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Pork producer Indiana Packers shutting down due to COVID-19 concerns

Delphi plant is Carroll County's top employer
Posted at 3:32 PM, Apr 24, 2020
and last updated 2020-04-24 16:21:28-04

DELPHI -- For the second time this week, a large pork processing plant north of Indianapolis is shutting down on a temporary basis due to COVID-19 concerns.

Indiana Packers in Delphi, about 77-miles from Indianapolis, announced Friday it was closing as part of its "ongoing health-and-safety assessments." Indiana Packers is Carroll County top employer.

The company said the decision was made in light of the growing number of positive COVID-19 tests in the area, including 15 among plant employees.

Carroll County's overall numbers are small, but neighboring Cass County has a significant outbreak. Friday, the number of confirmed COVID-19 cases in Cass County rose to 225 out of 266 people tested.

On Wednesday, Tyson Foods, which is in Cass County and the largest employer there, said it was shutting down its Logansport plant, with 2,200 workers, so that all employees could be tested for the virus.

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“Given the uncertainty so inherent with this pandemic,” Indiana Packers President & Chief Operating Officer, Russ Yearwood said, "we are committed to be as proactive as we possibly can so as to best ensure the health and safety of our team members. This short pause is part of the ongoing effort.”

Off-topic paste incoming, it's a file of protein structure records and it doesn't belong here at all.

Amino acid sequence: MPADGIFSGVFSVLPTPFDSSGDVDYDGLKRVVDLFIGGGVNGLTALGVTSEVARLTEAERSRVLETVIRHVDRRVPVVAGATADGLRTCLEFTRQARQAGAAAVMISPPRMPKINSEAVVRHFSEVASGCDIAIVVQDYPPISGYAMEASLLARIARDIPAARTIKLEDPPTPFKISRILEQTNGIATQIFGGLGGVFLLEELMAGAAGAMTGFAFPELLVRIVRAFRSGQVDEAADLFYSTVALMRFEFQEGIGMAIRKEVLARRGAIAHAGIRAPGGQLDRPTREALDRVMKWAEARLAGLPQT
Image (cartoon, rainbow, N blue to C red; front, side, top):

The company said it has recently implemented a number of changes recommended by the Centers for Disease Control, including measures to maximize physical distancing, enhanced daily cleaning and sanitization, and team member screenings/temperature checks at the start of each work shift.

Indiana Packers said the shutdown is taking place over the coming days and is expected to last no longer than two week, during which employees will be paid. "During this time, IPC plans to engage resources with expertise in infectious diseases, conduct further plant wide sanitization and continue implementation of the latest in CDC guidance and industry best practices," said Yearwood.